Ford trialling connected cars to warn drivers about hazards

Ford has developed a prototype communications system for cars that can alert drivers to hazards and road blockages in real time.

Working with researchers at St. Petersburg State Polytechnic University, the manufacturer developed a system that allows data to be shared on an ad-hoc basis.

The new system is designed to combat the unreliability of data transmission in moving vehicles through dynamically shifting access to the cloud via the most reliable transmission method - cellular, Wi-Fi and communication with other vehicles.

The team looked at sharing critical information regarding a road emergency with drivers in an area that has poor connectivity.

The researchers cited a scenario where a car entering a tunnel encounters black ice and needs to send a signal noting the slippery conditions to other vehicles. There is no cellular reception or Wi-Fi hot spot, but another car leaving the tunnel in the opposite direction has both vehicle-to-vehicle and a cellular connection.

The intelligent connectivity manager selects the second car’s vehicle-to-vehicle channel to deliver information gathered from the first car to the cloud so that it can then transmit a warning to other drivers of the dangerous conditions at the tunnel entrance.

If no other cars are around, the connectivity manager would postpone sending the message until the first car leaves the tunnel and a cellular network becomes available.

“The challenge of creating a robust wireless communications network is shared between the space and automotive industries,” said Oleg Gusikhin, technical leader, Advanced Connected Services, Ford Research & Advanced Engineering. “These first results are very promising in terms of offering more reliable communications technology for the future of connected vehicles.”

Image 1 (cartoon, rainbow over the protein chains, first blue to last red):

Vladimir Zaborovsky, who heads up telematics for St. Petersburg State Polytechnic University, is pleased with the findings of the project. “The developed solutions are of high reliability, scalability and adaptability and they open broad prospects for application – both in transportation logistics and in space robotics,” he said. “We’re looking forward to further collaborating with our colleagues from Ford.”

The project will be finalised by the end of the year and the results could be integrated into Ford production programs – including vehicle-to-vehicle communication, the delivery of emergency messages and over-the-air software updates.

The researchers have also applied the technology to a series of experiments in space where Cosmonauts aboard the International Space Station used a joystick to control a robot based on Earth amidst noisy conditions, operating signal time delays and equipment failures.

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